The Radical FEMEN and The New Women’s Activism

November 2010
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We shall march, chest forward,
Into the kingdom of freedom.1

In Ukraine, FEMEN is regarded with skepticism. Local intellectuals  point out its problematic qualities, such as kitsch and inconsistency.

Western intellectuals are fascinated by FEMEN's vigor and radicalism, and the image of Ukrainian feminism is now associated with FEMEN.   

Ukrainian feminists are wary of any associations with FEMEN and prefer to distance themselves from the group: FEMEN, they say, capitalizes on the sexualization of female bodies. 

How can one understand FEMEN?

The Phenomenology of FEMEN

FEMEN is a radical women’s movement that originated in Kyiv about two years ago.2 National newspapers, magazines, television, and internet sites all beam with childlike exaltation savoring the appealing defiance of FEMEN’s street actions: activists protesting topless.

When after two years FEMEN’s protests did not stop – in fact, they became more frequent and more daring – when the movement did not join a political party, did not become a mouthpiece for a candidate at the next elections, and did not turn into a business project, then the claims that FEMEN was just a puppet organization somewhat dwindled.

Incessant attempts to uncover FEMEN’s financial benefactors dead-end with the evidence of financial asceticism. Three activists, for example, would often share one rented apartment, and it is not unusual for them to suffer from lack of money:

Sasha Shevchenko is pouring tea from a small pan. There isn’t a teapot in the small apartment she is sharing with two other girls. There aren’t enough cups, either. "I’ll pour you some tea into a jar, ok?" she alerts Ania Hutsol, her friend and comrade-in-arms. "Good thing the cookies are still around; my parents brought them. I’d been starving for a week before that. At least I lost some weight, which is good for filming." (N. Radulova. Ogoniok, No. 37 (5146).)

Whatever the outcome of the hunt for the ghost sponsors of the movement, or hidden political agendas, or clandestine projects (such an approach apriori belongs to the patriarchal paradigm), it cannot help find answers to the following questions:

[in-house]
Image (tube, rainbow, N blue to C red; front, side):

How and why did this movement emerge now – precisely in a period of a neoconservative turn in our history, precisely in this post-Soviet state, and precisely in this form of a topless protest of young women? Is this a feminist movement? Or is it its prototype? Or its antipode? To what extent is this movement a protest movement, and to what extent is it conventional and opportunistic? To what extent is it a sexist practice and to what extent does it oppose sexist practices? What message, if any, does FEMEN offer? 

The Economics of Protest: Defiance, Popularity, Mass Audience

By 2008, it became obvious that the idea of gender liberalization in post-Soviet Ukraine lost the battle for cultivating mass gender and feminist consciousness. Even the “new left,” for the most part, shied away from feminist ideas and gender politics.

The women’s/feminist movement of the last few decades failed to reach a mass audience. Despite its (often super-human) efforts to jump-start the engine of “indoctrination” into gender politics, the movement remained backstage, local, and marginal. However, it did manage to create its own niche (adequate and powerful, but still rather isolated) in the space of civic organizations, along with a loose network among academics. The passing...

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Originally Published in This Issue of Krytyka